I probably scrambled to the summit of my career as a poet in the eight grade with this immortal effort:
Who had a personal fight with a cat.
He hit the cat hard with all of his lard,
And knocked the little cat flat.
Kind of brings tears to your eyes doesn’t it, filled with deep symbolism and hidden meaning as it is? I’ve never again been able to climb those lofty heights of creativity.
Did you know that God is a poet? Have you ever read any of his gems? Listen to this:
“For we are God’s masterpiece. He has created us anew in Christ Jesus, so we can do the good things he planned for us long ago.” (Eph. 2:10, New Living Translation)
The word poiēma in Greek is translated as “masterpiece” here. We get our English word “poem” from it. Other versions render it as, “handiwork” (NIV), or “workmanship” (NKJV). The Message simply paraphrases it like this: “God does both the making and saving. He creates each of us by Christ Jesus to join him in the work he does, the good work he has gotten ready for us to do, work we had better be doing.”
Whether you’re talking about “masterpieces” or “poems,” poiēma represents something that God took a lot of time and care to get right. Can you imagine God leaning forward at His heavenly desk working to create you, the poem you are, the work of art that you are. He writes down a line then erases it. The rhythm sounds a bit off. (He’s probably using an ink pen writing calligraphy instead of using a computer).
Then a word in the poem doesn’t quite carry the power that He desires, so He scratches it out and walks around the room a few times, thinking, looking for just what He wants to say. Suddenly He has it and He runs back to write it down before it gets away.
The result is … David, and Johnny, and Ralph, and Judy, and Phyllis, and all of us. God’s masterpieces, the work of a master craftsman.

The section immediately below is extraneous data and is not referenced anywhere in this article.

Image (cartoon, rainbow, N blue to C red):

A poem pleases us but actually God created you to do more than lay there or sit there and look pretty. Maybe we’re more like a tool than a poem. He created us to carry out His will upon the earth and He uses us to do it. Do what? Well …
“Love must be sincere. Hate what is evil; cling to what is good. 10 Be devoted to one another in love. Honor one another above yourselves. 11 Never be lacking in zeal, but keep your spiritual fervor, serving the Lord. 12 Be joyful in hope, patient in affliction, faithful in prayer. 13 Share with the Lord’s people who are in need. Practice hospitality.” Rom. 12:9-13, NIV.
If you’re really wanting to know how God wants to live through His workmanship read the rest of Romans 12. It’s simply powerful.
You’re not an afterthought as far as God is concerned. He made you for a reason, to carry out His purposes on the earth. My advice to you (and me): Get busy! Like I said last week, we certainly don’t earn our salvation but Ephesians 2:10 cries poignantly that if we are saved we’ll be busy expressing God’s heart through the way we live and serve others.
Christ did not say “Learn from Me to perform miracles.” Although He Himself performed miracles by His own power and wished that his disciples do so in his name. But he said simply: “learn of Me that I am meek and humble in heart.”
~ Angela of Foligno ~
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